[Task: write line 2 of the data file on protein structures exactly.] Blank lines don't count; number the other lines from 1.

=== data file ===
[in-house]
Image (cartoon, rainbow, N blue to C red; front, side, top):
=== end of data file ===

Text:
Image (cartoon, rainbow, N blue to C red; front, side, top):